China’s announcement to the United Nations General Assembly that it will no longer build new coal-fired power plants overseas accelerates the energy transition in emerging Asian markets but also raises challenges, according to a news report. analysis of the IHS Markit Global Power and Renewables service.
In nine key Asian emerging markets * analyzed by IHS Markit in the region that receive significant foreign investment in energy projects, demand for electricity is expected to increase by 750 TWh over the period 2020-30, or roughly l equivalent of the total demand of France and Spain combined.
Much of the expected growth in electricity demand will have to be met by 24/7 baseload generation due to the high share of industrial customers in these countries compared to mature economies as well as the basic household electrification.
While renewables like wind and solar can help meet much of this new demand, the intermittent nature of renewables makes it more difficult to close the baseline production gap.
IHS Markit estimates that if solar and battery storage were used to meet all the additional demand, it would require 70 to 130 GW of batteries. By comparison, only around 5 GW of battery storage capacity was installed globally in 2020, the highest year on record.
“Battery storage technologies are not yet mature enough to be deployed today on such a scale to support wind and solar and meet the immediate growth in demand in emerging Asia. While battery storage is expected to be much more mature, scalable, and cheaper by 2030, future technology cannot meet current demand. “ – Xizhou Zhou, Vice President and General Manager, Global Energy and Renewable Energy, IHS Markit
Many regional governments have recognized natural gas as a “bridge” to meet the demand challenge in the short and medium term with the energy transition. This is because natural gas-fired power plants can be built relatively quickly and can meet baseload capacity requirements while still providing the flexibility to meet peak demand.
However, most of these markets face difficulties in sourcing gas, mainly due to domestic gas supply constraints and the lack of LNG import infrastructure. There are also questions about gas prices, especially LNG, relative to coal in Asia.
“Significant international financial support would be needed for natural gas to realize its potential as a ‘transitional fuel’ in Asia. Most countries remain low or lower middle income. firepower would require assistance. “ – Xizhou Zhou, Vice President and General Manager, Global Energy and Renewable Energy, IHS Markit
Due to this gap between supply and demand and limited alternatives for base load generation, IHS Markit expects a number of new coal-fired power plants – mostly those already in operation. construction or have secured funding and are in the planning stages – will still be in service for the next decade.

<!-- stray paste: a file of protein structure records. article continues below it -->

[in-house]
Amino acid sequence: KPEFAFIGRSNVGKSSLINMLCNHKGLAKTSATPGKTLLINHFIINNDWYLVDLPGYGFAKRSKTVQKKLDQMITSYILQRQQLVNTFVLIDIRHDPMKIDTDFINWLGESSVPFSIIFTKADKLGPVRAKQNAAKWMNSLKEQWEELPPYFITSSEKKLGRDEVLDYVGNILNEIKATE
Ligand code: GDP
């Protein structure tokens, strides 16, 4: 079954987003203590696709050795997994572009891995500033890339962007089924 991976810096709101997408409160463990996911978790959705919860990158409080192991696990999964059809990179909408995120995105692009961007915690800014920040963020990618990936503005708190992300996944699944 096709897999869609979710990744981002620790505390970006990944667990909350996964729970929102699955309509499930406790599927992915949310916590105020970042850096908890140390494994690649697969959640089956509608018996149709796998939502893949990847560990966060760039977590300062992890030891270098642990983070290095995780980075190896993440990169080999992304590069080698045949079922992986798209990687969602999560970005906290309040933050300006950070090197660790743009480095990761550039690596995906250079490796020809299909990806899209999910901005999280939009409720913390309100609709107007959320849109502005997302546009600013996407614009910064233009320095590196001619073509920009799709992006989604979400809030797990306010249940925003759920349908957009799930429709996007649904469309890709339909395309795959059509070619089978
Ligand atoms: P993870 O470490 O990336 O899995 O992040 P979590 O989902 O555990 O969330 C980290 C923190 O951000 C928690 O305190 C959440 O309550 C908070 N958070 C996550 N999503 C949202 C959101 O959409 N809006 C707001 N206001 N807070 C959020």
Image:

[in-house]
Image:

There are around 34 GW of coal-fired power plants under construction in the region (this figure does not include an additional 32 GW under construction in India), according to the latest data from IHS Markit. An additional 24 GW are in fairly advanced planning stages or have closed funding but have not yet started construction. IHS Markit expects around half of them – around 11 GW and almost all in Vietnam and the Philippines to still go live.
“IHS Markit still expects approximately 45 GW of new coal-fired power capacity to enter service in South and Southeast Asia over the next decade. If they were not put into service, such a gap would have to be closed with other solutions you could run into reliability issues and economic disruption in these emerging markets. “ – Xizhou Zhou, Vice President and General Manager, Global Energy and Renewable Energy, IHS Markit
Beyond 2030, IHS Markit expects very little or no new coal-fired power plants to be built in the region. This means that it will be essential for mature battery storage technologies to be developed grid-wide over the next decade to ensure long-term reliability of supply. Gas power will also be needed to provide base load and flexibility.
“The point is, for South and Southeast Asian markets, investment in power infrastructure must continue to grow for all technologies, just to meet demand. There is a complex balance between reliable supply and the transition to clean energy for rapid use. Growing regions. Ending the construction of new coal-fired power plants must be part of a much larger debate. – Xizhou Zhou, Vice President and General Manager, Global Energy and Renewable Energy, IHS Markit
* The nine markets include Vietnam, Indonesia, Thailand, Malaysia, Pakistan, Bangladesh, Philippines, Myanmar, and Cambodia.
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